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As I am unfamiliar with Noël Coward's 1924 play of the same name, I can't say what, exactly, Stephan Elliott and Sheridan Jobbins have brought to their new screenplay, but a look at the synopsis of the original play, at Wikipedia, confirms my hunch that the characters who ride off together at the end are the two who have undergone the greatest transformation in this screen adaptation. They are: one of the leading ladies, Larita (Jessica Biel);, and one of the leading men, Mr Whittaker (Colin Firth). They leave the other pair of leads, John Whittaker (Ben Barnes) and his mother (Kristin Scott Thomas) to run the family farm.
The original play appears to lack a strong male lead. John Whittaker is still very much a boy, in over his head with his glamorous wife. And while John's parents bicker in the play, they do so within the confines of a respectable marriage that confines both characters to supporting-role status. By transforming the play's Colonel Whittaker — a Nigel Bruce softie, from the look of it — into the damaged Captain Whittaker, so traumatized by his experiences in the Great War's trenches that he has effectively withdrawn from constructive life (although he does tinker as a blacksmith), and by promoting Mrs Whittaker as a heroic estate manager, desperately waiting for her son to return from sowing wild oats in France and restore the property's fortunes, the adapters have darkened Coward's drawing-room comedy nicely, knowing just when to stop. Or at least so I thought after a first viewing. They have also created a familiar part for Mr Firth and a great one for Ms Scott Thomas. Transformed into a dramatic quartet, Easy Virtue has a heft that the twenty-five year-old Coward could not have thought of giving his play, while incorporating a host of issues and sidelights that any competent writer for the West End of the Twenties would have considered distracting, tedious, or both.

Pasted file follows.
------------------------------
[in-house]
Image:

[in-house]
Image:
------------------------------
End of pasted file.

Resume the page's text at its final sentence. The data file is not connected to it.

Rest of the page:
In making Larita an American with a Past, however, the filmmakers have gambled on the ability of a bankable American ingénue to incarnate the lamé glamour of a platinum blonde while simultaneously waging a battle of wits with a grand dragon, played by an actress for whom the part has obviously been tailored to fit as well as Larita's evening gowns. Not only that: Larita is a race-car driver, which adds little to her dramatic coherence but gives her mother-in-law even more to object to. Ms Scott Thomas's career has developed an interesting bifurcation: her provocative, unexpected work is done for the most part in the French cinema, while at home she plays characters like Mrs Whittaker. (In the United States, her specialty is bluebloods in a predicament.) Mrs Whittaker is the sort of role that you suppose Ms Scott Thomas must be able to play in her sleep, so richly does her every gesture ring the changes of the lady's disapproval. And although a closer look will show that the actress is not coasting by any means, her part suits her down to the ground. This cannot be said of Ms Biel's Larita — if it could, it would be a miracle. The constituent aspects of the role that I've mentioned above — slinky glamour and quick, inventive wit — are not often found together in the wild, and a Hollywood actress born in 1982 is obviously going to find one of them far more accessible than the other. As a sportswoman who would rather sit indoors reading Proust than play tennis in the sun, Larita presents Ms Biel with an almost insurmountable challenge. I say "almost," because this is the sort of performance that one learns, after repeated viewings, either to love or to hate. We shall see which it is. In the mean time, we can sit back and relax in Ms Scott Thomas's by now deeply reassuring hisses and glares, and give thanks that we do not have to shoulder the upkeep of Flintham Hall, Notts, the early Victorian monstrosity (shown here in 1881) that stands in for the Whittaker estate.